Ten Co-Parenting Tips
Ten Co-Parenting Tips
by Guest Author Elinor Robin, Ph.D. and Virginia L Colin, Ph.D. (mostly Elinor)
1. If you have not done so already, call a truce with your Ex. Divorced parents can succeed at co-parenting. To begin, a ceasefire is necessary. It takes two to make a fight, so there is a good chance that either one of you can stop the fighting.
2. You are stuck with each other forever. One day, you will be Grandma and Grandpa to the same babies. Do you want your children and grandchildren to see that you found ways to cooperate for their benefit?
3. Divorce reflects and/or causes breakdowns in trust and communication. Accept this. Then work towards rebuilding trust and communication with the other parent, even if it feels like you are doing all of the work. Be patient. Emotional wounds need time to heal.
4. Establish a business relationship with your former spouse. The business is the co-parenting of your children. Business relationships are based on mutual gain. Emotional attachments and expectations don’t work in business. Instead, in a successful business communication is up-front and direct, appointments are scheduled, meetings take place, agendas are provided, discussions focus on the business at hand, everyone is polite, formal courtesies are observed, and agreements are explicit, clear, and written. You do not need to like the people you do business with but you do need to put negative feelings aside in order to conduct business. Relating in a business-like way with your former spouse may feel strange and awkward at first so if you catch yourself behaving in an unbusiness-like way, end the conversation and continue the discussion at another time.
5. There are at least two versions to every story. Your child may attempt to slant the facts in a way that gives you what she thinks you want to hear. So give the other parent the benefit of the doubt when your child reports on extraordinary discipline and/or rewards.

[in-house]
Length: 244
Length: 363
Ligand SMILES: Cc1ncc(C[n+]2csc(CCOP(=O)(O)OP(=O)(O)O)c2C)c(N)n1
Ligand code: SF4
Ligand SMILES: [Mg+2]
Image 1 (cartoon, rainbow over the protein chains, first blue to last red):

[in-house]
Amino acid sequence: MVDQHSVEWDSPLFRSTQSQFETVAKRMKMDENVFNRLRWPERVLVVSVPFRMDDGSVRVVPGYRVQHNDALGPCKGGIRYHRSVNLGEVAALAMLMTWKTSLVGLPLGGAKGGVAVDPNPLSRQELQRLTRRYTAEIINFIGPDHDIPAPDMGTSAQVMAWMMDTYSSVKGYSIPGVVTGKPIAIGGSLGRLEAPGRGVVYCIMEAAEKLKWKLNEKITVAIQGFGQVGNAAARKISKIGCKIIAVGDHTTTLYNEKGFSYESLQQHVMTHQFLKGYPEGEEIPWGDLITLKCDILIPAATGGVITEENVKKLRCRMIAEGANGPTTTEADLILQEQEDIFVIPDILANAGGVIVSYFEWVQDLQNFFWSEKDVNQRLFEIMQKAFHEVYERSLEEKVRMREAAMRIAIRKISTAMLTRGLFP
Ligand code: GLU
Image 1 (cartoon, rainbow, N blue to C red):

6. Parents should be the primary decision-makers. If possible, talk with your ex about important plans before suggesting them or making arrangements directly with pre-adolescent children. If you discuss arrangements with an older child, always confirm them with the other parent ASAP.
7. The transition between Mom’s house and Dad’s house is often difficult. Be sure to have your children clean, fed, ready to go, and in possession of all of their paraphernalia when its time to make the switch.
8. Unless the other parent is really intruding on your time with your child, do not limit his or her telephone contact with your child. Do not eavesdrop.
9. Do not discuss the divorce, finances, or other adult subjects with your children. In most cases it is best to avoid saying anything negative about the other parent or his/her family and friends to your children.
10. Children are always listening – especially when you think they’re not. So, avoid discussions regarding the divorce, finances, the other parent, and other adult subjects when your children are within earshot.
More tips will follow in a future blog post. If you and your ex are having difficulty building a functional relationship as co-parents, consult with a co-parenting counselor or a family mediator.
Virginia L Colin, Ph.D., is a Professional Family Mediator certified by the Virginia Supreme Court. She is not an attorney or a therapist. For a free consultation about whether family mediation would be helpful for you, contact her at mediatorQ@gmail.com or 703 864 2101.